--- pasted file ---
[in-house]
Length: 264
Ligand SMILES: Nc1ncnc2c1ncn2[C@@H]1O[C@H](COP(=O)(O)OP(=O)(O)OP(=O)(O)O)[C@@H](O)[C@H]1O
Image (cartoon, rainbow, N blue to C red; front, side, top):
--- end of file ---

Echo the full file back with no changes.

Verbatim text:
[in-house]
Length: 264
Ligand SMILES: Nc1ncnc2c1ncn2[C@@H]1O[C@H](COP(=O)(O)OP(=O)(O)OP(=O)(O)O)[C@@H](O)[C@H]1O
Image (cartoon, rainbow, N blue to C red; front, side, top):